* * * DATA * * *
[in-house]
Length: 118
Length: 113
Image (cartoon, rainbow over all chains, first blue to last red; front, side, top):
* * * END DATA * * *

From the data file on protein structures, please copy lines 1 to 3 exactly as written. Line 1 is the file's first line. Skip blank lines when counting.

[in-house]
Length: 118
Length: 113